A messy divorce, 19th century style

Sometimes, our volunteers and interns have all the fun!  If you can call divorce fun.  In the papers of Augustine Harlow (Ms 68508), processed by Zac Mirecki, are a series of letters from Augustine’s sister Flora Barry who was living in Boston.  The letters date from 1872-1873,  and in them she details the actions of her husband, Charles A. Barry, in obtaining a divorce.

The first indication that all was not well is enclosed in a letter dated November 16, 1872.  He wrote: “I have fully resolved to make a change in my domestic affairs on the first of December next.  I am not happy here, and the expense to me in carrying on so large an establishment as this is greater than I can any longer than the first of December willingly meet.”  On December 4, he wrote again: “A few days before you went away from this City–on the 27th of November last–I made known to you that I could not continue to live as we have lived–in an expensive manner. You have been away from home–against my wishes–a large part of the time for several years.”  He tried to get her to agree to a separation, which she refused to do.  Flora was a singer and was on frequent concert tours  and she mentions trips to Maine, Nova Scotia, and Chicago.  Evidently Charles did not like her independent life style.  When he issued his ultimatum to move to a smaller house and stop traveling, she refused and he sued for divorce.  But not before punching her in the eye and cheek and publishing slanderous articles in the Boston newspapers.

The end of the story is that Flora finally filed her own divorce suit against Charles, and when he did not bother to show up, the divorce was granted.  These letters are intriguing in that rarely do we get to see the inner workings of a marriage in total failure.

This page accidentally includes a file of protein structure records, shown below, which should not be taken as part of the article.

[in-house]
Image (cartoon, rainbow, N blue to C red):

The  Augustine Harlow papers are a study in contrasts.  The bulk of the collection consists of letters exchanged almost daily between Augustine and his wife, Ella, who had a very happy and loving marriage.  The less positive side of life is reflected in the letters of Emma Jean Ritner, Ella Harlow’s sister, in which she mentions local incidents of rape and sexual assault as well as instances of childhood injury.  Love, courtship, divorce, assault all in one collection.  The research possibilities are endless!

This entry was posted in Collections, Manuscripts and tagged , , by Barbara. Bookmark the permalink.

About Barbara

Barbara Austen is the Archivist at CHS and is responsible for all of the incoming manuscripts, which means she gets to read people's diaries or mail. She has a master's Degree in Library and Information Science and has been working in the museum and historical society world for 30 years.

2 thoughts on “A messy divorce, 19th century style

    • Calum, thanks for your comments. When one has only one side of a story, like in this case, it can be somewhat hard to take an entirely objective view. One of the hazards of doing history.

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